Days after studying a U.S.-made First-Person-View (FPV) drone captured in Ukraine, Russia has announced its own.
Russia’s Center of Comprehensive Unmanned Solutions said it has created a family of Joker multipurpose First-Person-View (FPV) drones capable of accomplishing a whole range of combat missions in Ukraine.
"We analyzed foreign experience, the enemy’s experience, rethought it, added our own solutions and, based on sports drones, made a multipurpose family of Joker drones that today accomplishes all the objectives that our fighters face. The family’s drones only differ by the weight of their payload while remaining multi-purpose vehicles. There is no need to re-make or reconfigure this multipurpose drone, change its suspension or add equipment. It is ready to accomplish any missions without interference in its design," Center CEO Dmitry Kuzyakin told Russian government-owned TASS on Tuesday.
The entire family of Joker FPV drones is outfitted with a standardized platform for attaching payloads, Kuzyakin said.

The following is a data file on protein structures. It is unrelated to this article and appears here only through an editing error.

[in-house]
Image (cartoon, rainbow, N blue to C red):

"I admit that we borrowed the idea from foreign-made combat drones but profoundly re-made it and strongly simplified it. Secondly, we ensured the structural integration of the payload control system with the flight controller unit, which enabled the pilot to control external equipment irrespective of the drone’s payload. This enables it to fit into any mission carried out by a combat team: the Joker can perform any role like its playing card counterpart," he said.
Like munitions, FPV drones have different specialization: reconnaissance, fire adjustment, strike, bomber, mine-laying and kamikaze UAVs and special equipment carriers, he elaborated.
"Previously, it was necessary to make a separate drone for each specific objective and train personnel in operating it. Our fighters had to carry several drones in combat missions and a need emerged to remake drones from one mission for another directly at the frontline. However, this had its impact on the efficiency of their use and almost was a cause for mission failures," Kuzyakin stressed.
In addition, specialists of the Center of Comprehensive Unmanned Solutions have elaborated a standard for the delivery of all target devices, he said.
"From a certain moment, all the setups, firmware and topology were standardized. Now fighters need no effort to readjust drones for themselves. They all have the same settings, irrespective of their type or specialization. And these settings are harmonized with the ground equipment of combat FPV drones," the chief executive said.
The Center of Comprehensive Unmanned Solutions earlier reported that it had engineered the Bashnya (Tower) antenna system enabling the pilots of FPV combat drones to operate from shelters or armored vehicles.